|Died||20 July 1987 (aged 89)|
|Known for||Cave diver and explorer|
Norbert Casteret (19 August 1897 – 20 July 1987) was a famous French caver, adventurer and writer, and is one of the most recognisable names in caving worldwide. Following Édouard-Alfred Martel (the "father of modern speleology", although Casteret sometimes also enjoys this title), Casteret, along with Robert de Joly, became a leading figure of French speleology between the world wars and into the middle of the 20th century.
Norbert Casteret was born in Saint-Martory in Haute-Garonne on 19 August 1897. His father, Henry Casteret, was a lawyer in Toulouse. His brothers were Roger, who died at the age of four, Jean and Martial Casteret, a physician who accompanied his brother on some of his explorations.
An all-round athlete and accomplished mountaineer, Casteret began caving in 1912, spanning the era of matches and candles into the age of electric lights. Unlike de Joly, who made caving his profession, Casteret was more the amateur adventurer (albeit a very knowledgeable one).
Casteret served in the French infantry for three years during World War I, serving in his brother Jean's regiment. After being demobilized in 1919, he contracted the Spanish flu. He kept the helmet and lamp he used in the trenches for future use in caving.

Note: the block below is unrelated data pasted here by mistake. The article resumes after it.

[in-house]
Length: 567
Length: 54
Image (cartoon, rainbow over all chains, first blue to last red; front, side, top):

Upon his return from the front, at his father's urging Casteret studied law and became a notary's clerk, a position he quickly abandoned. In 1924, Casteret met his future wife, Élisabeth (born 13 May 1905), a doctor's daughter who ended her medical education after their marriage the same year. She later accompanied Casteret on many of his explorations, including the expedition to find the true source of the Garonne. The couple had five children: Gilberte, Raoul, Maud, Raymonde and Marie. Élisabeth died on 6 May 1940 of puerperal fever, a few days after the birth of their youngest child.
Casteret's motto was the Latin phrase Ad Augusta per Angusta (through difficulties to greatness).
Casteret died in Toulouse on 20 July 1987, less than a month before his ninetieth birthday.
Casteret's fame began with a bold free-dive in the Grotte de Montespan (French) in 1923, which led to the discovery of prehistoric cave drawings on the far side. He went on to undertake many important cave explorations, including the caves of Marboré, including Grotte Casteret, in 1926, the Grotte de Labastide in 1931, Cigalère in 1931, Gouffre Martel (−303 metres (−994 ft)) in 1933, Henne Morte (thought to be −446 metres (−1,463 ft), corrected to −358 metres (−1,175 ft)) in 1947, and the Gouffre de la Pierre Saint Martin (−689 metres (−2,260 ft)) in 1952–3 where his teammate Marcel Loubens died after a winch failure on the entrance shaft.[* 1]
Casteret's popularity grew in the 1940s and 1950s, in part from his prolific writing – hundreds of articles, and more than 40 books with numerous reprintings in French and translations into several languages. Two of his best-known works, Dix ans sous terre (1933) and Au fond des gouffres (1936) were combined and translated into English by Barrows Mussey as Ten Years Under the Earth in 1939.
My Caves, translated from the French by R. L. G. Irving, was published in London by J.M. Dent & Sons in 1947, followed by The Darkness Under The Earth, in 1954.